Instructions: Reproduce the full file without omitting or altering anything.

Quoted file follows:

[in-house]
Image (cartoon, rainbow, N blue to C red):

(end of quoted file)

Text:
[in-house]
Image (cartoon, rainbow, N blue to C red):